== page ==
Last year the legislature dumped longtime allies of the chancellor and selected four new members who were clearly critical of the teacher evaluation system. The troubles of Assembly Speaker Shelton Silver, a friend of Tisch since childhood changed the chemistry in the legislature as the new speaker wanted to ameliorate the conflicts with parents and teachers.

In retrospect there is no evidence that the Common Core is an “answer” to struggling schools populated by students of color. The academic community has increasingly chided testing associated with the standards.

The Washington Post writes,

More than 100 education researchers in California have joined in a call for an end to high-stakes testing, saying that there is no “compelling” evidence to support the idea that the Common Core State Standards will improve the quality of education for children or close the achievement gap, and that Common Core assessments lack “validity, reliability and fairness.”

The dense teacher evaluation algorithms have been sharply criticized by most experts in the world of statistics.

Yes, rolling out both the Common Core, Common Core testing and teacher evaluation at the same time doomed the initiatives from the start, a larger question is whether jumping on board the White House driven reforms would ever achieve the anticipated goals. At the time it might have made sense to be the “first in the nation” to adopt the Obama education plan, in retrospect, a mistake.

In my view Tisch fell victim to the same wave that has vaulted Donald Trump to the top of the presidential primaries. The anger, the disgust with all politics, the “snarkiness,” has rolled over the reforms coming from the Board of Regents. The anger of the opt-outs, the anger of the mass of voters is intertwined.

Other actions of the chancellor have gone underreported.

Tisch made every attempt to thwart the plundering of schools by an Orthodox School Board in East Ramapo. She forced reluctant school boards to register undocumented minors and provide an appropriate education, in spite of substantial local opposition.  The chancellor has visited scores of schools, frequently accompanied by a Regents member who was a former superintendent.  She has acknowledged the glowing jewels in the system, i. e. the Internationals Network of schools that serve new immigrants with wonderful results. After years of delays the regulations impacting English language learners were promulgated.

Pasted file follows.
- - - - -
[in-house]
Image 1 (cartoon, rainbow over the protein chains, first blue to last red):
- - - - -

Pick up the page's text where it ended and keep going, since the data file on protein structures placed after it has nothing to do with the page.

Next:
Regents meetings are usually one speaker after another, one power point after another with comments only from the members of the board. Merryl frequently interrupts a speaker with an incisive question. Whether the commissioner, a state ed staffer or a guest Tisch “cuts to the core;” she asked the crucial question, a question that commonly resulted in the speaker stumbling.  (I loved it!!)

Critics of Tisch are legion, and clearly she made decisions that in retrospect required more thought and more buy-in. Chancellors are selected by their colleagues; however, the governor and the legislature have enormous power; for the last two years major education policy was set by the governor.  The major current policy initiatives are the twenty “recommendations” of the Cuomo Task Force. The board may be the constitutional body to devise education policy – in the “real world” the governor is the major player.

As March draws to a close the legislature and the governor will agree upon a budget. Over the last decade budgets have eroded funding to the State Education Department, a subtle way of expressing disagreement with the policies of the board.  The legislature doesn’t need angry voters and the governor wants to both take credit for successes and avoid negative electoral consequences.

Merry Tisch fell victim to a generalized dissatisfaction that is sweeping the nation.

I read an Internet cry, “We want a president who will make America great again,” which received a response, “Do you mean when basketball stars were white?”  Race, gender, class and generational conflict have spilled over – Merryl Tisch fell victim to the anger.

The next leader of the Regents faces a daunting task.

Why Did the Republican-Controlled Senate Confirm John King As Secretary of Education?

John King, the former Education Commissioner in New York State, was dumped by Governor Cuomo who also enabled him to move on to the Senior Advisor to Secretary of Education Duncan, and, when Secretary Duncan resigned after seven years President Obama appointed King as Acting Secretary, and, with the support of the Republican majority nominated him as Secretary of Education.